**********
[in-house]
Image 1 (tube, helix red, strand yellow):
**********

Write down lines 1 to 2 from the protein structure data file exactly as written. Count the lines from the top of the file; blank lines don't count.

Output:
[in-house]
Image 1 (tube, helix red, strand yellow):